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Data protection has emerged as a crucial concern for individuals, companies, and governments alike in today's increasingly digital world. The threats and difficulties posed by protecting it are increasing at an unprecedented rate, along with the volume of data being produced and exchanged. As a result, new laws, rules, and technologies are fast emerging to solve these issues, changing the data protection environment. Organizations of all sizes face major problems as a result of the continuously evolving data protection landscape. To stay compliant with regulations and protect their data from cyber threats, they must stay on top of the most recent advancements.
The National Internet Information Office of China issued the Measures for Standard Contracts for the Exit (Export) of Personal Information (“SCCs Regulations or SCCs”) on 24th February 2023. The SCC Measures provide one the mechanisms for the cross-border transfer of personal information alongside Security Assessment Measures (“Assessment Measures”) and Cross-border Certification Guidelines (“Certification Guidelines”) as stipulated by Article 38 of Personal Information Protection Law (PIPL) of China.
The SCCs will come into effect on 01 June 2023 and organizations have a 6-month grace period to ensure that their data transfer activities are in compliance with the SCC Regulations. To further help with understanding the SCCs, the National Internet Information Office of China also released accompanying FAQ guidance.
The SCC Regulations control the export of personal information from China to an overseas recipient. In particular, these regulations outline the terms, conditions, and filing requirements of standard contracts, present a sample standard contract, and provide comprehensive guidelines for the transfer of personal information abroad.
Personal information exit activities can only be carried out after the standard contract takes effect and therefore, organizations/data exporters must adopt standard contracts as per the SCCs Regulations.
Businesses adopting the standard contracts must fulfill all of the following criteria:
It is important to note that organizations exporting the data (“data exporter”) are not allowed to segment/split the data volume to avoid the security assessment conducted by the CAC by concluding standard contracts. If the organizations/data exporters process the personal information of more than 1 million individuals or send personal information or sensitive personal information of more than 100,000 or 10,000 individuals respectively, then Assessment Measures must be adopted.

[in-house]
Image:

The personal information exit activities will only be carried out once the standard contract has been concluded between the data exporter and the overseas recipient. Before the transfer of personal information belonging to a data subject outside of China, both data exporter and overseas recipients must ensure that they have assessed the type, scope, sensitivity or personal information and the scale and frequency of transfer. If previously any cross-border transfer took place with the same recipient, must make a note of any security incidents that occurred. Additionally, the organization and the recipient must take into account the policies, rules and regulations of the region the overseas recipient is located and if the recipient is part of any global or regional organization in relation to personal data protection. This would help assess the mechanisms under the regulatory or legal framework in the recipient country/region for the protection of personal information.
Article 6 of the SCCs stipulates that the standard contract must strictly be in accordance with the Model Standard Contract for Personal Information Exit (“Model Contract”) provided in the Annexure of SCCs Regulations. The overseas recipient may have additional conditions for the transfer of personal information, but these conditions should not be in conflict with the “Model Contract”. Additionally, it lays down a number of responsibilities for the data exporters, processors and overseas recipients.
When handling personal information, data exporters must comply with relevant laws and regulations. In addition to this, the principle of data minimization should be followed while sharing personal information with recipients abroad. If consent is being used as the legal basis for the transfer of personal information outside of China, then it is important to obtain it from the data subject or their parent or guardian if the data subject is under 14 years of age.